Well, frankly, as Stranger On A Train notes, the polling companies have really struggled with the decline in land-line phones, and with ensuring that newer methodologies (cell phones, online surveys) are representative. (Non-political market research, which is my field, has suffered from the same challenges.) Getting a representative, accurate sample was certainly an issue even back when 95+% of households had a land line (and were willing to answer their phones), but it’s a much, much bigger issue now.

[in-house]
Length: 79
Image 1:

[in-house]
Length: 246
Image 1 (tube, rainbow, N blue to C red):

Gallup, a research and consulting company whose name has been synonymous with political polls for decades, used their political polls as a way to build recognition of their company’s name, so that they could sell other sorts of polling and surveying to clients. But, they’ve been stepping back from political polling for several years, because of the rapid increase in the difficulty of being able to run representative, accurate polls.
And, as 538 will frequently note, there are a lot of political polls out there, and quite a few of them suffer from poor quality (and some of them are likely to be intentionally biased).